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What's bugging you

By Assefa Gebre-Amlak
CSU Regional Pest Management Specialist

Colorado

There are reports of two major pest problems, namely the Russian wheat aphids and brown wheat mite infestations, in Colorado. According to the report, all wheat fields scouted in Washington County have shown some degrees of Russian wheat aphid infestations.

Russian wheat aphids (RWA) can be found in winter wheat, usually on the younger leaves, from emergence in the fall to grain ripening. Aphid feeding prevents young leaves from unrolling. RWA colonies are found within the tubes formed by these tightly curled leaves. This not only makes it difficult to achieve good insecticide coverage, but also interferes with the ability of predaceous insects to reach and attack aphids. Leaves infested by RWA have long white, purple or yellowish streaks. Under some conditions, infested wheat tillers have a purplish color. Heavily infested plants are stunted and some may appear prostrate or flattened.

In 2003, a new biotype of the Russian wheat aphid was observed. It is virulent to all of the resistant varieties used in its management earlier. Russian wheat aphid resistant varieties may still be used, if they perform well in a given area; however, they likely will not provide any useful resistance.

There are also important differences among the small grain crop species. Oats are resistant to RWA. Although heavy infestations have been observed, little economic damage has been detected.

Chemical control of Russian wheat aphids is justified if you detect 5 to 10 percent damaged and infested tillers (during regrowth and early boot) and 10 to 20 damaged and infested tillers during early boot to flowering stage. For effective insecticide products, you may refer to the High Plains IPM website, http://highplainsipm.org/.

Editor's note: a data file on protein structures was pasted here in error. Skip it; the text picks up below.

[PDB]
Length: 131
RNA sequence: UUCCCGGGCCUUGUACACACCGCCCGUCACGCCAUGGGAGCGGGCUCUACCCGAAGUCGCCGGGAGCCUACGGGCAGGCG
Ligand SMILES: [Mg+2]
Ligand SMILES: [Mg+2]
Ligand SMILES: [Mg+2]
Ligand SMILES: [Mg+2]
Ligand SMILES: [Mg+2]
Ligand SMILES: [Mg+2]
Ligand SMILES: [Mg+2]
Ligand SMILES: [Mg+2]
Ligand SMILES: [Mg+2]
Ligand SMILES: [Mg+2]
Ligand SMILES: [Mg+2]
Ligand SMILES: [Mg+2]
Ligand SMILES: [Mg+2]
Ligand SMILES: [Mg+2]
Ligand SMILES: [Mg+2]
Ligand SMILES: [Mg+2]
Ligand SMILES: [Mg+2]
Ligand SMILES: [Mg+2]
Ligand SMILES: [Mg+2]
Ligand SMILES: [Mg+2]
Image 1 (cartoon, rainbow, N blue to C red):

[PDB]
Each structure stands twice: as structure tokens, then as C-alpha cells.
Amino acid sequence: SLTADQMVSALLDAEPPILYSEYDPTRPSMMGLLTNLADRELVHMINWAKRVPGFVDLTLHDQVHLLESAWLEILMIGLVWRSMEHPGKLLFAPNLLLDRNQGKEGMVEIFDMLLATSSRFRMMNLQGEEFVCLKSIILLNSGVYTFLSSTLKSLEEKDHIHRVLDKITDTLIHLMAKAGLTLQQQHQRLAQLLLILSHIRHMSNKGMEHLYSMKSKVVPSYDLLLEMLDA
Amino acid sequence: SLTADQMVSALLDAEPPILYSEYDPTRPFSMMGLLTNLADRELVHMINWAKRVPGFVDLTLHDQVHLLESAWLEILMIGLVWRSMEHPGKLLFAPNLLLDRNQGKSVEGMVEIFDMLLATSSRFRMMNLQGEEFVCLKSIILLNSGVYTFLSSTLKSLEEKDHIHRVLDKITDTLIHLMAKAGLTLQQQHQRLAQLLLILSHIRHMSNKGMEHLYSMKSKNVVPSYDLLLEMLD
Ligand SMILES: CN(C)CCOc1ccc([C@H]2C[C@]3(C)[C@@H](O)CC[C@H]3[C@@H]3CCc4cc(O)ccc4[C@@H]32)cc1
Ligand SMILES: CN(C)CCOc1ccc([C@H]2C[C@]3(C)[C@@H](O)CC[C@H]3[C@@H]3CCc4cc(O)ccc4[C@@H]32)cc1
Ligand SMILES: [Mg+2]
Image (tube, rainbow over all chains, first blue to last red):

Brown wheat mite is a pest of small grains in most small grain-producing areas of the world. In Colorado, it is most common on drought-stressed winter wheat on the eastern plains.

They feed on plant sap during the day and spend the night in the soil. Their activity peaks at about mid-afternoon on warm, calm days (the best time to scout). This mite is not affected by cold temperatures, but populations are quickly reduced by driving rains of 1/3 inch or more.

Management of volunteer wheat is an important preventive measure for brown wheat mite, as it is with several winter wheat pests. Any management practices that serve to minimize drought stress are also important. Once an outbreak occurs, however, chemical control is the only effective management.

The economic threshold for this pest is not well defined, but it is at least several hundred mites per row-foot in the early spring. This figure will increase with lower wheat prices and decrease with higher wheat prices. It often is difficult to justify a chemical treatment, since brown wheat mite infestations are associated with drought stress. If a driving rain of at least 1/3 inch occurs, mite levels will be significantly reduced regardless of chemical treatment.

If it does not rain, crop yield may be so reduced by drought as to make chemical treatment uneconomical. Also, if white eggs are present and red eggs are mostly hatched, the population is in natural decline and treatment is not economically justifiable.

Look for stunted wheat that has a white to silver flecking on the leaves. Also, look for the mite on the leaves. For more information on brown wheat mite, go to www.ext.colostate.edu/Pubs/insect/05578.html.

Other pests on the look-out are army cutworms and alfalfa weevil, and it is time to include these insect pests in your field scouting program for early detection and management.



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